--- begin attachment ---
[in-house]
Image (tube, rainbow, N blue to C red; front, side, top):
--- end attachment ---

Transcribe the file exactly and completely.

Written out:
[in-house]
Image (tube, rainbow, N blue to C red; front, side, top):